The US Navy has admitted that it cannot meet its funding requirements for surface warships and a new class of nuclear-attack submarines between 2025 and 2034, the latest 30-year shipbuilding plan has revealed.
In the congressionally required blueprint, the navy noted that it 'requires funding at an unsustainable level' unless spending on shipbuilding is increased.
Furthermore, the report highlights the challenges of increasing the navy's fleet to 306 vessels from the present 289, while constructing 12 new Ohio-class submarines, which are part of the nation's nuclear triad of air, land and sea weapons.
South Korea and the US have kicked off joint naval drills off the southern port of Mokpo, amid increasing tensions with North Korea.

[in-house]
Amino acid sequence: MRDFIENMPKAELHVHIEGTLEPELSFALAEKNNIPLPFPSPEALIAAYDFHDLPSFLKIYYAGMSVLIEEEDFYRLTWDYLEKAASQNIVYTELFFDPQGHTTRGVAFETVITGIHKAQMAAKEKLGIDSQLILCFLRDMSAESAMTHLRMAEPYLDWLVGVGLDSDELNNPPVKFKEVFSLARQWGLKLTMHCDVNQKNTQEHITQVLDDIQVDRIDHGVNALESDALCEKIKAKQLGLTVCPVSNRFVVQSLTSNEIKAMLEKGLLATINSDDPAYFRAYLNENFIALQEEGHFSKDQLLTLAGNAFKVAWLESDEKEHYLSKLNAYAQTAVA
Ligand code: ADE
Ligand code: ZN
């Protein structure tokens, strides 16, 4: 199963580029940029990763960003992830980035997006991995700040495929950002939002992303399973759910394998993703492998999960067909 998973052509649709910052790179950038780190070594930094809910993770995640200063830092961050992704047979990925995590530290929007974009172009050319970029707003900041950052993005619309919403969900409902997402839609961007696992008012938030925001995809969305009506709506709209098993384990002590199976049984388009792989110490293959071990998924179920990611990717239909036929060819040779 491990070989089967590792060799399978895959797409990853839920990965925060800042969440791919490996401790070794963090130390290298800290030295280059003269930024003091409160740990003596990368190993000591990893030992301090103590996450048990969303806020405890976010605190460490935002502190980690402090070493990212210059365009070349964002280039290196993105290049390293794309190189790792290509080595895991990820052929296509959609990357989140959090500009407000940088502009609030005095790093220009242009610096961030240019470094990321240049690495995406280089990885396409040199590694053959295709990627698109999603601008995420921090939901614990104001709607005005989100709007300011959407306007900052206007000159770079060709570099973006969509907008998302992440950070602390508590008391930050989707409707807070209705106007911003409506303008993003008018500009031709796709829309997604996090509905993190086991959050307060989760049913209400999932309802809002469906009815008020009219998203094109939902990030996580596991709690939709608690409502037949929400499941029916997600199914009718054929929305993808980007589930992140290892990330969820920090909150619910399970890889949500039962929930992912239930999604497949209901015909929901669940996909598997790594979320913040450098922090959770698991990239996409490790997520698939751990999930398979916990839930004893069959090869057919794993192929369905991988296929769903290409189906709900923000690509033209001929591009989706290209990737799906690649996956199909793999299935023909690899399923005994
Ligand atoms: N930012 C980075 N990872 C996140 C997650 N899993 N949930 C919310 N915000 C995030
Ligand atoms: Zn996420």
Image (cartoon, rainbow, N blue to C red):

Led by the US Navy's USS George Washington aircraft carrier, the joint exercise is aimed at bolstering US and South Korean forces' combined ability to counter maritime special operations force insertions.
The five-day naval drill involves six US vessels, together with several South Korean Navy vessels, in addition to US and South Korean Air Force combat aircraft, both in the seas off the east and west coasts of South Korea.
The Royal Australian Navy's (RAN) MH-60R Seahawk Romeo maritime combat helicopter has successfully launched its first AGM-114 Hellfire air-to-surface missile in the US, marking a key milestone in the Project AIR 9000 phase eight programme.
Australian Fleet commander rear admiral Stuart Mayer said: "[The] navy's next generation submarine hunter and anti-surface warfare helicopter will be the cornerstone of our working navy's aviation combat capability.